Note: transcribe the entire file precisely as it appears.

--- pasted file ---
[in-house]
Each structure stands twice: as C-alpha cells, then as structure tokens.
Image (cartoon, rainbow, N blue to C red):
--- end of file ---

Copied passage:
[in-house]
Each structure stands twice: as C-alpha cells, then as structure tokens.
Image (cartoon, rainbow, N blue to C red):